Ubiquitin-immunoreactive dystrophic neurites in down’s syndrome brains

L. A. Mattiace, Y. Kress, P. Davies, H. Ksiezak-Reding, S. H. Yen, D. W. Dickson

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26 Scopus citations


Ubiquitin-immunoreactivity was studied in Down’s syndrome brains ranging in age from two days to sixty years. Numerous randomly distributed ubiquitin-immunoreactive dot-like structures in the white matter were shown to correspond to granular degeneration of myelin. Granular degeneration of myelin was first detected at age 21 and increased thereafter with age. Other larger and more coarsely granular ubiquitin-immunoreactive structures, most numerous in the middle and upper cortical layers, were consistent with dystrophic neurites. Immunoelectron microscopy demonstrated that the dystrophic neurites contained non-filamentous, membranous, dense bodies. In Down’s syndrome, ubiquitin-immunoreactive dystrophic neurites were first detected at age six in the hippocampus, and were consistently more numerous in comparison to age-matched control subjects. In the presence of amyloid, either as diffuse or as compact deposits, ubiquitin-immunoreactive dystrophic neurites frequently formed aggregates consistent with senile plaques. Although apparently independent events, these data suggest that amyloid deposition is associated with local accentuation of ubiquitin-immunoreactive neuritic dystrophy. In addition, since dystrophic neurites appeared substantially earlier in the grey matter in Down’s syndrome than in age-matched normals, this may be further evidence that selective aspects of aging are accelerated in Down’s syndrome.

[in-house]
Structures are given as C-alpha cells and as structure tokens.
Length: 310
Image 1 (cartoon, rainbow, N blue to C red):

Original languageEnglish (US)
Pages (from-to)547-559
Number of pages13
JournalJournal of Neuropathology and Experimental Neurology
Issue number5
StatePublished - Sep 1991


  • Aging
  • Amyloid
  • Down’s syndrome
  • Dystrophic neurites
  • Immuno- cytochemistry
  • Ubiquitin

ASJC Scopus subject areas

  • Medicine(all)


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